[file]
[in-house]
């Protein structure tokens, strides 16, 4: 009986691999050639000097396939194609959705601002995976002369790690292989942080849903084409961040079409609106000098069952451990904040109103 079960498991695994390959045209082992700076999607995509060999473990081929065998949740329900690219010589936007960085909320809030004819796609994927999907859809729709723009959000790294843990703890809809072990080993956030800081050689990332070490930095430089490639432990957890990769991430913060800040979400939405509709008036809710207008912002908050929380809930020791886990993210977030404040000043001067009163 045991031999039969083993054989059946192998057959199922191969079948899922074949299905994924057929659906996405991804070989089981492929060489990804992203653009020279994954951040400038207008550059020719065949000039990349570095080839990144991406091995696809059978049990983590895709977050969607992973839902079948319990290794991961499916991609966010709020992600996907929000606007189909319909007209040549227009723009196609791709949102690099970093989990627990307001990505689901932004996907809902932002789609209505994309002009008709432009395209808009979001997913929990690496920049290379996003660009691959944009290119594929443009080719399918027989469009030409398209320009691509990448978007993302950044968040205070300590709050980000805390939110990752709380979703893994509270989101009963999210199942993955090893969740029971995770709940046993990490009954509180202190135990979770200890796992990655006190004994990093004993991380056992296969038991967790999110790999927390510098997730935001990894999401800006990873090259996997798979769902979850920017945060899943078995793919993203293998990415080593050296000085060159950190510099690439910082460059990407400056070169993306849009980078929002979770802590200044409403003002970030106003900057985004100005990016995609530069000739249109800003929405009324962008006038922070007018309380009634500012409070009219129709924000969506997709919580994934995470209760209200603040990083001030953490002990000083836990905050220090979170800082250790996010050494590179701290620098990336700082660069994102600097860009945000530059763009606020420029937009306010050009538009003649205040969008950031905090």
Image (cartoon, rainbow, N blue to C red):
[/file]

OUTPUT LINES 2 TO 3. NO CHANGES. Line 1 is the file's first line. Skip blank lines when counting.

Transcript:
């Protein structure tokens, strides 16, 4: 009986691999050639000097396939194609959705601002995976002369790690292989942080849903084409961040079409609106000098069952451990904040109103 079960498991695994390959045209082992700076999607995509060999473990081929065998949740329900690219010589936007960085909320809030004819796609994927999907859809729709723009959000790294843990703890809809072990080993956030800081050689990332070490930095430089490639432990957890990769991430913060800040979400939405509709008036809710207008912002908050929380809930020791886990993210977030404040000043001067009163 045991031999039969083993054989059946192998057959199922191969079948899922074949299905994924057929659906996405991804070989089981492929060489990804992203653009020279994954951040400038207008550059020719065949000039990349570095080839990144991406091995696809059978049990983590895709977050969607992973839902079948319990290794991961499916991609966010709020992600996907929000606007189909319909007209040549227009723009196609791709949102690099970093989990627990307001990505689901932004996907809902932002789609209505994309002009008709432009395209808009979001997913929990690496920049290379996003660009691959944009290119594929443009080719399918027989469009030409398209320009691509990448978007993302950044968040205070300590709050980000805390939110990752709380979703893994509270989101009963999210199942993955090893969740029971995770709940046993990490009954509180202190135990979770200890796992990655006190004994990093004993991380056992296969038991967790999110790999927390510098997730935001990894999401800006990873090259996997798979769902979850920017945060899943078995793919993203293998990415080593050296000085060159950190510099690439910082460059990407400056070169993306849009980078929002979770802590200044409403003002970030106003900057985004100005990016995609530069000739249109800003929405009324962008006038922070007018309380009634500012409070009219129709924000969506997709919580994934995470209760209200603040990083001030953490002990000083836990905050220090979170800082250790996010050494590179701290620098990336700082660069994102600097860009945000530059763009606020420029937009306010050009538009003649205040969008950031905090």
Image (cartoon, rainbow, N blue to C red):